Western Undergraduate Psychology Journal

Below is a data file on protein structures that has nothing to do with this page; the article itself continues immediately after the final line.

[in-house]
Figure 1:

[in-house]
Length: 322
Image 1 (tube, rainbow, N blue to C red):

This paper explores the possibility that rape incidence in populations other than heterosexual females (traditional victims) may be significantly higher than generally tends to be acknowledged. Specific consideration is given to rape victims who are referred to as nontraditional victims, which include homosexual females, homosexual males, heterosexual males, transsexual females, and transsexual males. An overview of research on nontraditional-victim rape is presented to illuminate possible factors that moderate whether nontraditional victims conceptualize their experience as a rape and whether they subsequently report the event. These factors are then applied within the framework of Peterson and Muehlenhard’s (2011) Match-and-Motivation model to support the possibility that nontraditional victims are less likely to label events as rape and less likely to report events when they are labeled as rape. Discussion concludes with comments on a potential reevaluation of the focus of rape research away from exclusively heterosexual females in favor of research that addresses both traditional and nontraditional victims.

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